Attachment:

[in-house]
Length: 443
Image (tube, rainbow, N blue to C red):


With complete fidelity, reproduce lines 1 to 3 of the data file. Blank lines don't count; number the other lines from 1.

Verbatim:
[in-house]
Length: 443
Image (tube, rainbow, N blue to C red):